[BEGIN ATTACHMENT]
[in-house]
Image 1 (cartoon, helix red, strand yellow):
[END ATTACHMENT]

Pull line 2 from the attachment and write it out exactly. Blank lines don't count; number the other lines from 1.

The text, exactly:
Image 1 (cartoon, helix red, strand yellow):